Surasi Kusolwong

Surasi Kusolwong's work has been showing on the biennale circuit for the past six or seven years. 'No Conclusion (Time is the Answer)', at Rooseum, is his first solo show in Europe and serves as a retrospective of sorts. It consists of four interactive sculptural installations, each of them expanding on Kusolwong's exploration of the viewer's active relationship with the art work and a radical form of cultural tourism. He achieves this through a direct appropriation and referencing of the Western art-historical archive, formats and genres mixed with Eastern myth, social rituals and popular culture in an attempt to develop his own aesthetic and to produce meaning.

Kusolwong is best known for his touring work Market (1999-ongoing), which is describ-ed in the promotional material, fairly accurately, as 'a retail performance with music action'. The work's exact title and number vary according to location and currency - in Malmo it is 10 SEK Market (2004), in Milwaukee it's 1$ Market and in Taipei it's NT $20 Market, and so on - but always applies the same bargain basement principle of everything for sale at a fixed knock-down price. Kusolwong sets out primary-coloured tables supporting a diverse selection of goods bought in Bangkok street markets. The products range from the useful to the useless: washing baskets, soup ladles, footballs, space invader ma-chines; there are a lot of inflatable toys, weird decorative animals, cartoon kids and plastic. The overall effect is both desirable and undesirable, in a multi-coloured, kitschy-Poppy way.

At Rooseum, Kusolwong's market place occupied one end of the exhibition space, and the live performance provided a focus for the opening night. An abstract wallpaper of shiny foil packaging, a video projection of Thai karaoke and a circular canopy of patterned sheets created a backdrop and shelter for the PA and compere module from which Kusolwong initiated the10 SEK Market performance. Dressed in jeans and a T-shirt but sporting an umbrella hat and waving a megaphone, he invited the audience to shop, while reminding them to put their money in the collection box. The elegant Swedish audience broke into a frenzy, encouraged by Kusolwong's whooping and the repetitive karaoke music. Breathless and ecstatic, the crowd looked both delighted and stupid, waving flip-flops and comparing knick-knacks. Kusolwong himself looked like both a de-monic ringmaster and a pathetic clown. The spectacle was hideous, yet it was difficult to avoid the sheepish smiles and acknowledgement of personalities all around you.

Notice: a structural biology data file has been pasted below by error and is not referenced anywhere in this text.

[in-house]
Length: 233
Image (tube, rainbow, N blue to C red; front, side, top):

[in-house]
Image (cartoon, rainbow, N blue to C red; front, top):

The contradictions of 10 SEK Market are obvious: the tension between repulsion and desire, the cynical mimicking and critique of the market, particularly in contrast to the warmth and playfulness of the event itself. Set against a theoretical backdrop of relational aesthetics, there was little in the performance, however, that actually confounded expectation, apart from the disarming way in which the event cut through social reserve. Yet in its galvanizing, chaotic energy the piece was a success and as an actual experience it was not un-pleasant, segueing as it did into drinks, food and a DJ set that resulted in the friendliest of openings, with the audience lolling around the exhibition hall and lounging on Kusolwong's other sculptures.

10 SEK Market is one of four works that together transformed Rooseum's vast space into a theatrical film set. During the opening the installation seemed dramatic and alive, the sculptures serving as support structures for conversation and entertainment. The following day, with only a few people milling about, these interactive sculptures had a lonely, abandoned air emphasizing both the ingratiating nature of their need to be 'played with' and their sheer uselessness and redundancy as objects. Emotional Machine (VW with Fahlström) (2000-4) a hollowed out VW Beetle strung upside down from the ceiling, into which you can climb to lie down and watch a video of a sunset, although popular with visitors, seemed illustrative and sentimental - and induced motion sickness. No Conclusion (I Want to Play the Drums All Day Long) (2004) - a platform structure carrying a mirror ball, a drum set, a lounging area, computers, Dan Flavinesque lights, a Sigmar Polke print and a photograph of Thailand - was physically impressive, but the mix of cultural and art-historical references seemed clumsy and decorative, the mistranslations provoking confusion rather than successfully communicating mistranslation.

Only Electrical Playground (Baby Richard Serra) (2003-4), a hand-painted wooden sculpture resembling (in some distant memory) a monumental Serra ironwork, managed to confound expectation and linguistic analysis through its utter weirdness and self-contained assertion of its right to exist as both a provocative sculpture and a totally pointless 'thing'. It is disappointing that Kusolwong undermined the power of the piece by using the interior of the sculpture as a parking space for electrical toy cars emblazoned with art-historical quotations, as there is something darkly ambitious in the conflating scope of Kusolwong's simple sculptural gesture. There is an aesthetic and political charge to the reduction of Serra's sculpture to a kitsch image of itself that, more than any of the exuberant performances and urging of audience participation, reveals a profoundly chaotic, uncool and genuine element in Kusolwong's (and, in turn, our) relationship to objects and authority, filtering history and fumbling to make sense of the world around us.

Polly Staple is a director at Chisenhale Gallery, London.

Issue 83

First published in Issue 83

May 2004

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